The association between noncancer pain, cognitive impairment, and functional disability: An analysis of the Canadian study of health and aging

Joseph W. Shega, Debra K. Weiner, Judith A. Paice, S. Pinar Bilir, Kenneth Rockwood, Keela Herr, Mary Ersek, Linda Emanuel, William Dale

Research output: Contribution to journalArticle

27 Scopus citations

Abstract

Background. Noncancer pain and cognitive impairment affect many older adults and each is associated with functional disability, but their combined impact has yet to be rigorously studied. Methods. This is a cross-sectional analysis of the Canadian Study of Health and Aging. Pain was collapsed from a 5-point to a dichotomous scale (no and very mild vs moderate and greater). Cognitive status was dichotomized from the Modified Mini-Mental State Examination (0-100) to no (>77) or mild-moderate (77-50) impairment. Five Instrumental Activities of Daily Living (IADL) and seven Activities of Daily Living (ADL) were self-rated as "accomplished without any help" (0), "with some help" (1), or "completely unable to do oneself" (2) and then summed to create a composite score of 0-10 and 0-14, respectively. Multivariate linear regression analysis was conducted to determine the associations between self-reported functional status with moderate or greater pain, cognitive impairment, and the interaction of the two. Results. A total of 5,143 (90.2%) participants were eligible, 1,813 (35.6%) reported pain at a moderate intensity or greater and 727 (14.3%) were cognitively impaired. The median IADL and ADL summary scores increased among the pain and cognition categories in the following order: no pain and cognitively intact (0.63 SD 1.24, 0.23 SD 0.80), pain and cognitively intact (1.18 SD 1.69, 0.57 SD 1.27), no pain and cognitively impaired (1.64 SD 2.22, 0.75 SD 1.57), and pain and cognitively impaired (2.27 SD 2.47, 1.35 SD 2.09), respectively. Multivariate linear regression found IADL summary scores were associated with pain, coefficient.17 (95% confidence interval [CI] 0.07-0.26), p <.01; cognitive impairment, coefficient.67 (95% CI 0.51-0.83), p <.01; and an interaction effect of pain with cognitive impairment, coefficient.24 (95% CI 0.01-0.49), p =.05. ADL summary scores were associated with pain coefficient.10 (95% CI 0.04-0.17), p <.01 and cognitive impairment, coefficient.29 (95% CI 0.19-0.39), p <.01, but had a nonsignificant interaction term, coefficient.12 (95% CI-0.03 to 0.29), p =.12. Conclusions. Noncancer pain and cognitive impairment are independently associated with IADL and ADL impairment and IADL impairment is even greater when both conditions are present.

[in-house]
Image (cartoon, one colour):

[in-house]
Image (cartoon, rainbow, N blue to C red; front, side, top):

Original languageEnglish (US)
Pages (from-to)880-886
Number of pages7
JournalJournals of Gerontology - Series A Biological Sciences and Medical Sciences
Volume65 A
Issue number8
DOIs
StatePublished - Aug 1 2010

Keywords

  • Cognitive impairment
  • Dementia
  • Function
  • Noncancer pain
  • Older adult

ASJC Scopus subject areas

  • Aging
  • Geriatrics and Gerontology

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